Italian studio Milestone is known for racing sims. MotoGP, MXGP, Ride, the World Rally Championship series — that’s all Milestone. Hot Wheels Unleashed, the surprise hit arcade racer featuring Mattel’s iconic toy cars racing through physics-defying loops and making heart-stopping jumps, is about as far from a hardcore simulation as you can get. We spoke to Milestone executive producer Michele Caletti about the challenges to applying the studio’s big racing experience into a much smaller scale.
Hot Wheels are tiny cars in a big world. The scale of Mattel’s shiny die-cast vehicles is a huge part of their appeal. Crossovers with normal scale racing games like Forza Horizon 3 are a lot of fun, but the vehicles always wind up feeling like real cars and trucks cosplaying as Hot Wheels. That notion was one the developers at Milestone took to heart while developing Hot Wheels Unleashed.
“Representing the cars like the actual toys helps because it reinforces the scaled feeling,” Michele Caletti told Kotaku in a recent interview held via email. One of the tricks to represent the Hot Wheels vehicles in their proper scale was not going overboard with details. “They have all the details of the original ones, if any more were added they would have looked bigger.”
A Hot Wheels car isn’t just a small version of a real-world car. Each tiny die-cast model has those signature plastic speed wheels with the unmistakable rims with those little pins in the middle. The paint applications have little imperfections. Some moulding lines are visible. Though there are lines delineating doors, hoods, and trunks, it’s obvious these aren’t real moving parts.
The cars in Hot Wheels Unleashed look like toys From the sparkly flecks in the paint to the plastic textures on the wheels, there’s no mistaking them for real toys. You can even see the score marks on the plastic from where it came out of its mould.
Maintaining the sense of Hot Wheels scale was also a big factor in how Unleashed’s real-world racing locations were built. “We discovered that when size cues are missing, like objects that are close and make evident the actual car’s dimensions, it’s very hard to judge,” said Caletti. To fix this issue, the developers filled the world with familiar objects to help reinforce the sense of scale.
The in-game College Campus track has books and furniture, filing boxes, and cork boards covered with flyers. The Basement has arcade machines, pool tables, and dart boards. I love driving past the basketball hoop in the Skate Park. It makes me feel super small.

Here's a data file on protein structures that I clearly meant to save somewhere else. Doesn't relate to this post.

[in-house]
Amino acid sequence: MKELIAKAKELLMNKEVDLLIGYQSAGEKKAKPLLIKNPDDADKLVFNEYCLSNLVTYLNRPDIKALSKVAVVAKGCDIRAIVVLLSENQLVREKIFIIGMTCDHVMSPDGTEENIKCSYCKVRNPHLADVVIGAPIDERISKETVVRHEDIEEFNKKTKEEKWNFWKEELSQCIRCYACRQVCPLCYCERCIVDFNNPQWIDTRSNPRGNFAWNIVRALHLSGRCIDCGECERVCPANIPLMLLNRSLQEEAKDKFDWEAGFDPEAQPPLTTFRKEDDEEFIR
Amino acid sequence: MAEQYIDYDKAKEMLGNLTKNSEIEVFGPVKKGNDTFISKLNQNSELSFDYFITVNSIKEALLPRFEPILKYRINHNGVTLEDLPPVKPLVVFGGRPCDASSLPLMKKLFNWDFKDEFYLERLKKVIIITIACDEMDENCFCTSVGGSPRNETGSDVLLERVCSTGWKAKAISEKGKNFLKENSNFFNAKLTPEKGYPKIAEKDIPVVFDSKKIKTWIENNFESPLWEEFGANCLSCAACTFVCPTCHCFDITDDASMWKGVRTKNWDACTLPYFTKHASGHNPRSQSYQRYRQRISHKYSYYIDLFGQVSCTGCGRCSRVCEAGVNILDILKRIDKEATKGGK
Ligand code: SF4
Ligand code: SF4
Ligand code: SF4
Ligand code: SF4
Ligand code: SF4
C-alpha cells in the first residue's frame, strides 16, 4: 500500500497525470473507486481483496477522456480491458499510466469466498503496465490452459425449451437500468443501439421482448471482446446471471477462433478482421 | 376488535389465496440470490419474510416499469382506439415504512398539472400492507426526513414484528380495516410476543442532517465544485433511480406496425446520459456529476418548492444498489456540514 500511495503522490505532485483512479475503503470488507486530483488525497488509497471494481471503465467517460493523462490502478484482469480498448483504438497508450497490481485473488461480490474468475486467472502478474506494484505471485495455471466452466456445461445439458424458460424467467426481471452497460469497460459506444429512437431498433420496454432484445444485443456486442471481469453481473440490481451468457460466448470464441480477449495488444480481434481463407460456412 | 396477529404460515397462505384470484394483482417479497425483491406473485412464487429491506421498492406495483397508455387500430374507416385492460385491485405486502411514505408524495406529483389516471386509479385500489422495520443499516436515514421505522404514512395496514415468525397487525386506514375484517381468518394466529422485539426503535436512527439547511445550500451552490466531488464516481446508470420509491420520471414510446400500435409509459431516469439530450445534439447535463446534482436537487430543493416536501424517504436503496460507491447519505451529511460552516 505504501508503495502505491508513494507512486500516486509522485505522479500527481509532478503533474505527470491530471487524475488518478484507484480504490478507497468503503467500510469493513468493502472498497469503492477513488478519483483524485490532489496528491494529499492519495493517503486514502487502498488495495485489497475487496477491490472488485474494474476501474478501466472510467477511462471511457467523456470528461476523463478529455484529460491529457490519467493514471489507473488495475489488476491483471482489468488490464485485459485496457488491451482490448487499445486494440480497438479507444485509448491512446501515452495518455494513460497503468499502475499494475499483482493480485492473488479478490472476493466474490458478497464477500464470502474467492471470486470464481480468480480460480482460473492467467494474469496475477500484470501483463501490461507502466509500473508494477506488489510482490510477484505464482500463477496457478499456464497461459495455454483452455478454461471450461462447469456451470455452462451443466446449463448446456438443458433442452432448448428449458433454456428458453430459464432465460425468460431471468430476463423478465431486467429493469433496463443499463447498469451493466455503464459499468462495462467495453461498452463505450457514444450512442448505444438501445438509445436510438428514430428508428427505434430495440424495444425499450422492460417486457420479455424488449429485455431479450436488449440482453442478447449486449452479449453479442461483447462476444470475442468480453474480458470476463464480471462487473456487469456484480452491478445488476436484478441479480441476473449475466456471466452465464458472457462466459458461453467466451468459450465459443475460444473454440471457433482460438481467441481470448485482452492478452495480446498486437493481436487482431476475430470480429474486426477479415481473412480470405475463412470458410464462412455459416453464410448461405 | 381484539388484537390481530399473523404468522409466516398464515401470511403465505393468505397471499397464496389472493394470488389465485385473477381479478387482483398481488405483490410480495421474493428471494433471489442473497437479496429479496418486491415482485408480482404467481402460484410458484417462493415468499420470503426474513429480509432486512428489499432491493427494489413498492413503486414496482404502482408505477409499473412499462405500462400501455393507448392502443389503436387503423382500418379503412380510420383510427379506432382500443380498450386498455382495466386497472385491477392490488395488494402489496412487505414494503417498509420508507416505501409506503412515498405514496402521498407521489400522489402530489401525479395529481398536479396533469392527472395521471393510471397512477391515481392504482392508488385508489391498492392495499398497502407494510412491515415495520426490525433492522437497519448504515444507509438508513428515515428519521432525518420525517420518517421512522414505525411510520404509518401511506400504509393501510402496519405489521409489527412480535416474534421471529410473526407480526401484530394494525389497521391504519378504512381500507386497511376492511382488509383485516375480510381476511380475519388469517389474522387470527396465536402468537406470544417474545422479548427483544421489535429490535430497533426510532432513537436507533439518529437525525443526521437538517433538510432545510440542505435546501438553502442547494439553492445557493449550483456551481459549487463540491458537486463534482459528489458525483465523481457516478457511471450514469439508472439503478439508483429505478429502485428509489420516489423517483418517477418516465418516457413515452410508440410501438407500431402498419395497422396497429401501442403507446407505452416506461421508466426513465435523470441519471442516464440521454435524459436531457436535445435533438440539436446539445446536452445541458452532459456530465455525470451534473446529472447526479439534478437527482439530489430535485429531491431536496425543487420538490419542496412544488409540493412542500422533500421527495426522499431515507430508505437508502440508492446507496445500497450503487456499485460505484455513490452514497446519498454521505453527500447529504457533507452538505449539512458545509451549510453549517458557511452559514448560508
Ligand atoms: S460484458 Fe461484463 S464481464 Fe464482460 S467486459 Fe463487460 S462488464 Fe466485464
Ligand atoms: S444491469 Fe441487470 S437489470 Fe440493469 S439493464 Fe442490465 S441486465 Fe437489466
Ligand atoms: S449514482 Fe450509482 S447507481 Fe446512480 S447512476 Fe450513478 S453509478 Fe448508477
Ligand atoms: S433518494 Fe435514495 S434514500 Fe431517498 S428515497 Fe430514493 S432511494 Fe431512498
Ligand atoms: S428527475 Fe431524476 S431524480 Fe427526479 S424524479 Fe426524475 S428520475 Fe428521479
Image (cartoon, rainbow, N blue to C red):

“Textures help too,” said Caletti. “Wood grain, floor cracks, fingerprints, it all subtly tells the actual size of the cars.” If you look to the right of the Rodger Dodger in the screenshot above you can see the telltale whorl of a fingerprint on the track. It’s barely noticeable when you’re barreling down the track at breakneck speed, but it makes a real difference to the look and feel of the game. All of these little texture and scale tricks come together to create a uniquely Hot Wheels scaled racing game. If Mattel’s cars could drive by themselves, this is what that would be like.
It’s a very different sort of racer from Milestone’s normal simulation fare, which Caletti told Kotaku led to a very different fan reaction. “Usually, players of our simulation titles ask about some detail of the (vehicle) suspensions or of the electronics. Here people were just having lots of fun, creating lots of tracks and liveries. It looks like a worldwide party.” It was almost too much. The developer’s forecast for player-created tracks and livery designs for the first week after Hot Wheels Unleashed launched was met in a mere two days.
“There are liveries that are so complex that they go far beyond the expected. They have reproduced some real ones that are just astonishing. They have made some other video game tributes, it’s incredible,” Caletti said. A quick search of the liveries for the Sandivore dune buggy resulted in a valiant attempt at a Halo Warthog. I also found a green version of the Solid Muscle pickup truck that someone had painted green, planted a white L on the side and named Luigi, so there are varying levels of creativity at play.
“Then there are the tracks,” continued Caletti. “There are some trends, you can find some with 50 loops or 20 snakes (interactive pieces of scenery based on Hot Wheels’ Snake Mountain playset), racing there is just hilarious. Then there are some “puzzle” tracks, where reaching the end requires some clever airborne techniques.” Puzzle tracks are particularly clever player creations that go beyond normal courses, requiring players to think outside the track, often launching their vehicles through the air to reach the finish line.
The Hot Wheels Unleashed community has really embraced the tools Milestone has provided, and there’s much more coming for them to play with. Though Caletti couldn’t say much, he did say that racing seasons would play a big part in the game’s future, starting with the recently-announced DC Super-Villains Racing Season, which starts on November 11 and themed vehicles and customisation options for the in-game basement. Then comes the Batman Expansion DLC on December 2, which includes a Gotham-themed single-player challenge map and a new Batcave racing environment.
Somehow Milestone has turned this game about little cars into something big, and it’s only going to get bigger from here.